German tennis player Alexander Zverev to stand trial for alleged assault. GETTY IMAGES

The 26-year-old player is due in court in Berlin on 31 May for an alleged assault on his girlfriend in 2020. Zverev has appealed against a fine of 450,000 euros ($475,300). Now the tennis player faced a tense press conference in Australia, where he is currently competing.

German tennis player, Alexander Zverev, will go on trial on 31 May for allegedly assaulting his ex-girlfriend in 2020. He is accused of "physically abusing a woman during an argument and damaging her health". 

The court summoned him to appear in court next May. The former world number two and current world number six must appear in court in person and can only be represented by his lawyers at the eight scheduled hearings, a Berlin court announced last Monday.

The court did not name the accused, but Zverev's defence identified her as Brenda Patea in October. Zverev has repeatedly insisted that he's innocent and denied the allegations made against him.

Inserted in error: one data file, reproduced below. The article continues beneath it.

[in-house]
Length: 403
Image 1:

In January 2023, the ATP, the governing body of men's tennis, closed an investigation into allegations of domestic abuse against Zverev involving a female tennis player after finding that there was insufficient evidence. Following allegations made by Zverev's ex-girlfriend Olya Sharypova, the ATP launched an investigation into Zverev in October 2021.

Zverev, who is currently playing at the Australian Open, has also appealed against a €450,000 ($475,300) fine imposed on him in October for the assault.

Zverev won his first match at the current Australian Open. GETTY IMAGES
Zverev won his first match at the current Australian Open. GETTY IMAGES

The German was in the spotlight at the Australian Open last Tuesday when he defeated compatriot Dominik Koepfer 4-6, 6-3, 7-6 (7), 6-3 in four sets. He had a tense press conference after the match. Journalists asked him about his obligation to attend the trial of his ex-partner, Brenda Patea, for alleged assault on 31 May. "Some journalists are more interested in getting clicks than getting knowing what happened," he replied. 

Zverev was responding to questions alluding to the fact that some of his colleagues on the circuit do not approve of the German playing after such serious allegations. Poland's Iga Swiatek is one of them: "It is certainly not good that a player with such allegations is promoted. I don't know how the investigation will go or what the outcome of the case will be.